The coming boom — Edgemont's Jeff Swearingen on private equity's impending impact in orthopedics

Written by Eric Oliver | May 23, 2019 | Print  |

Private equity investment in orthopedics to date has been sparse, but the fuse is lit and the fireworks are coming.

Becker's Spine Review spoke with Jeff Swearingen, co-founder and managing director of the healthcare investment firm Edgemont Partners, to hear his predictions on healthcare investment over the next three years.

Question: What point are we in the second wave of PE investment?

Jeff Swearingen: I think we're still very much in that wave. The first wave with hospital-based specialties, like anesthesia and emergency medicine, lasted five- to six-years. The peak of that was about three years. There were three years in each of those specialties where M&A activity was at a frenetic level. I think we're still in the frenetic period of the second wave for dermatology and vision care, and we're in the prefrenetic period in gastroenterology and orthopedics.

Q: In this second wave, where has the majority of investment been? It seems there's been a wealth of ophthalmology-related days recently.

JS: I think it depends on how you measure it. The statistics we track say there's actually been more PE-backed dermatology plays, but I wouldn't disagree [that ophthalmology investment has taken off]. I get the sense that at the moment, in the last six to 12 months, ophthalmology and vision care have been the most active in terms of number of deals. There are fewer PE-backed platforms in the space, and that may help overall deal volume.

The other thing to keep in mind with vision care is you're thinking about three distinct subspecialties: optometrists, ophthalmologists and retina surgeons. We've seen activity across all three of those provider types.

Q: Fast forward three years — how will analysts reflect on those first waves of PE investment?

JS: You've had a tremendous level of consolidation through the first wave over the years. You've had several very large PE-backed players enter into those spaces.

For example, U.S. Acute Care Solutions was backed by Welsh, Carson, Anderson & Stowe in the emergency medicine and hospital medicine space. Welsh has been in it for several years now and everyone anticipates they'll pursue some sort of exit strategy in the next 12 to 18 months.

They've established a bit of a playbook as to how they'll achieve liquidity on their investment. They also had a successful investment in the anesthesia space through U.S. Anesthesia Partners. They built that business up to over 1,000 anesthesia providers and sold a significant stake to Berkshire Partners in a recapitalization. So that's what we think a potential outcome could be. We're seeing several groups with private equity backers pursuing secondary transactions.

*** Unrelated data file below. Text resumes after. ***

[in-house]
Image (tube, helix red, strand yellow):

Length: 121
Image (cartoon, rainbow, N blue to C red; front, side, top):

Q: What sort of activity is happening in orthopedics?

JS: There's been a lot of activity and a lot of interest from groups. Many groups have elected to talk to folks like us and get educated on the options available to them. They are now in a little bit of a wait-and-see mode. I believe there will be several large groups that do transactions this year. I think when those happen it'll spur those practices who are in a wait-and-see mode to act. We saw this in the other specialties too. It takes a few larger groups to move on a transaction to validate the opportunity for other physicians in the specialty. Then they're more likely to move.

Q: How does changing reimbursement affect PE investment?

JS: That's a tremendous opportunity for a well-capitalized orthopedic group that can invest in their own ASC to capture a patient base. There's no doubt that in orthopedics, the list of procedure codes approved for outpatient will increase over time.

The growth in ASC volume will provide an opportunity for orthopedic practices with their own ASC and sophisticated capabilities around all the ancillaries to take on episode-of-care type reimbursement arrangements. Well capitalized practices will have invested in the data infrastructure to utilize data tracking and outcomes measurement to ensure they're distinguishing themselves in a more outcomes-oriented marketplace.

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